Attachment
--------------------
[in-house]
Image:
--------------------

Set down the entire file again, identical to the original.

[in-house]
Image: